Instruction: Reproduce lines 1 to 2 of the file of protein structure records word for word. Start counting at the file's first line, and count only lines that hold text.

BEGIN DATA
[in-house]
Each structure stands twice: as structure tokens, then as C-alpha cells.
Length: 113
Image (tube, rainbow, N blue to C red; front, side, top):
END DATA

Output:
[in-house]
Each structure stands twice: as structure tokens, then as C-alpha cells.